What Certificates Do You Need as a Landlord?

Being a landlord comes with a range of responsibilities, and ensuring the safety and well-being of your tenants should be a top priority.

Being a landlord comes with a range of responsibilities, and ensuring the safety and well-being of your tenants should be a top priority. In the United Kingdom, there are several certificates that landlords are legally required to obtain and maintain to meet certain standards and comply with regulations. These certificates cover various aspects of property safety, energy efficiency, and tenant protection. In this blog post, we will discuss the essential certificates that landlords need to obtain and the importance of complying with these requirements.

Gas Safety Certificate:

If your rental property has gas appliances, a Gas Safety Certificate, also known as a CP12 certificate, is a legal requirement. This certificate must be renewed annually and can only be issued by a Gas Safe registered engineer. The Gas Safety Certificate ensures that all gas appliances, such as boilers, cookers, and heaters, are safe and functioning correctly. It includes a thorough inspection of the appliances, flues, and ventilation systems, as well as necessary repairs or maintenance.

Energy Performance Certificate (EPC):

An Energy Performance Certificate (EPC) is a legal requirement for rental properties in the UK. It assesses the energy efficiency of the property and rates it on a scale from A to G, with A being the most energy-efficient. The certificate also provides recommendations for improving energy efficiency. An EPC is valid for ten years and must be obtained before renting out a property. It helps tenants assess the energy efficiency of a property and make informed decisions about their energy consumption and costs.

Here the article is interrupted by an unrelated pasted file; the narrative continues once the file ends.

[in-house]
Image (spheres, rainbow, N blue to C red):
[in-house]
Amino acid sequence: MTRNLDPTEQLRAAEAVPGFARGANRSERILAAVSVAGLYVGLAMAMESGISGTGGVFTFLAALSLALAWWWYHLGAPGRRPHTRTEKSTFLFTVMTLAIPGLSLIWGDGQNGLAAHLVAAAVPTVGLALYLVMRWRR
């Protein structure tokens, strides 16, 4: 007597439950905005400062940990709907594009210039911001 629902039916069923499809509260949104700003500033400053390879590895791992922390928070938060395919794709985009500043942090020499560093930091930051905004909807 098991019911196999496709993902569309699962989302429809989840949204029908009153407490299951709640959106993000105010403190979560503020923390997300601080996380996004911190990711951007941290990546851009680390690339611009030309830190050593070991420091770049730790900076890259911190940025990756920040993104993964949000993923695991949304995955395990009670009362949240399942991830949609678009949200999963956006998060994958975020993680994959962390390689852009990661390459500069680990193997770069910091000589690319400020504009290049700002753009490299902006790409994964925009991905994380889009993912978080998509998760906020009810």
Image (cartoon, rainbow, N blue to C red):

Electrical Installation Condition Report (EICR):

To ensure the safety of electrical installations in a rental property, landlords must obtain an Electrical Installation Condition Report (EICR), previously known as a Periodic Inspection Report (PIR). This report must be conducted by a qualified and registered electrician. The EICR examines the electrical systems, wiring, and appliances, checking for potential hazards, faults, or non-compliance with regulations. It is recommended to renew the EICR every five years or sooner if required by the electrician's recommendations.

Portable Appliance Testing (PAT):

While not a legal requirement, Portable Appliance Testing (PAT) is strongly recommended for landlords. PAT involves the inspection and testing of portable electrical appliances, such as toasters, kettles, and lamps, to ensure they are safe for use. Although there is no specific legal requirement for PAT testing, landlords have a duty of care to their tenants, and regular testing can help identify potential electrical hazards and prevent accidents.

Fire Safety Certificates:

Fire safety is a crucial aspect of rental properties, and landlords must comply with fire safety regulations. Several fire safety certificates may be required, depending on the property type and size: